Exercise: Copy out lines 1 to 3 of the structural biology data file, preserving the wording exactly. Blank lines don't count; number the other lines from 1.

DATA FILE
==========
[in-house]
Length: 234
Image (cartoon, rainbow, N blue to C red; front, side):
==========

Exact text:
[in-house]
Length: 234
Image (cartoon, rainbow, N blue to C red; front, side):